The first automobile in the Adirondack park drove to Saranac Lake in July of 1902. At the time it was a mystifying novelty, but it would soon become commonplace and change everything about the way tourists interacted with the park. With automobiles came roads, hotels, campsites, trails, rental gear and a booming tourism economy. They were a key step in the move towards hiking as a common tourist activity. The popularization of automobiles revolutionized tourism in the Adirondacks and played an important role in the rarely popularization of hiking in the region. 

The early 20th century brought on a new era of tourism in the Adirondack Park. Tourists drawn to the region after the publication of Adventures in the Wilderness by W.H.H. Murray nicknamed Murray’s Fools, changed the image of the previous typical wealthy Adirondack park visitor. This wave of tourism made the Adirondacks more accessible for middle to upper-middle class families, paving the way for more affordable rail transport and moderately priced hotels as the market for these services developed. As cars became more accessible to the middle class around the 1920s, touring the country by car became more common.

Suddenly many more people had a very convenient way to access the Adirondack Park. This need prompted further development of roads which let tourists access new areas of the region; they were no longer limited to the locations with train stations. This tourism evolution promoted a new look at the recreational use of the forest preserve; the state conservancy bureaucracy began seeing its primary role as popularizing and facilitating the use of public land (Terrie, 126). During the first 30 years of the Forest Preserve the state did not mark a single new trail, build a new lean two, or publish a brochure or map of any kind.

That changed when, in 1917, the conservation commission began marking trails to fire tower summits. These trails began on highways where cars could be parked. By 1919, 20,000 hikers a summer were exploring these trails and learning about forest fire safety (Terrie, 127). In 1920, the conservation commission opened roadside campgrounds intended for tourists in cars. These initial new tourist developments resulted directly from this new way to access the Adirondack Park.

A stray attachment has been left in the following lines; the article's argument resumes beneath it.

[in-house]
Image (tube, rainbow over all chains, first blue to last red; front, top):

(pictured right: Hikers on Black Mountain in 1918)

As an immediate reaction to this new influx of people, in 1923 the Conservation Commission decided they should be offering large campsites with bathrooms and potable water. Large campsites created to accommodate the new crowds were immediately met with demands for more. This kind of development of campsites was completely unprecedented in the region, introducing a new variation of tourism that would remain popular for years to come.  This also contributed to an influx of hiking as people could drive to campsites and engage in all kinds of outdoor activities more easily. The development of automobiles was one of the first big steps in the development of hiking, especially in the high peaks region, as a tourist activity. Previously, most tourists in the region were focused on water recreation, especially canoeing, but with this change there was more flexibility and accessibility following the development of more campsites and tourist attractions away from the water. This was a very important step towards the significance of hiking as we know it today.

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